There is no longer space in our lives. We can’t wait in line without getting on our phones. Or sit on a bus. Or eat. Or wake up. Or wait for an elevator. Or watch a sunset…

Extra, dangling seconds force most of us to reach for our pockets and pull out our tiny computers that connect to the Internet. We must scroll and react to whatever shows up on our screen, as if by some neurological impulse.

I’ve spent the last two months on a break from social. No tweets, no instas—nothing. I went an extra step and stopped sending newsletters or doing interviews, as well…

I went from a few hours a day on social to none.

And it was quiet.

Almost eerily quiet.


Photo: Sight-Management

Word, Please

tired-fatigue-woman-portrait

Your body aches.
You can feel yourself sighing all the way to your knees.
Now tell me:
what is the word for that.

— shinji-moon, from A Physician’s Handbook


Notes: Photography:maja via eikadan. Quotes: tohs–kah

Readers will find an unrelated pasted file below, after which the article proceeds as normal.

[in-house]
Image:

It will hush if you give it an egg

egg-over-easy

“It can never be satisfied, the mind, never.” Wallace Stevens wrote that, and in the long run he was right. The mind wants to live forever, or to learn a very good reason why not. The mind wants the world to return its love, or its awareness; the mind wants to know all the world, and all eternity, and God. The mind’s sidekick, however, will settle for two eggs over easy. The dear, stupid body is as easily satisfied as a spaniel. And, incredibly, the simple spaniel can lure the brawling mind to its dish. It is everlastingly funny that the proud, metaphysically ambitious, clamoring mind will hush if you give it an egg.

~ Annie Dillard, Total Eclipse. Teaching a Stone to Talk


Image: Photobucket


Stillness Arises


Wonderful. Watch. Wow!

I just want to rise so high that no one can reach me and nothing to prove. I just want to get where you just awaken your body and soul to something. Stillness arises within me. Nature brought me to stillness.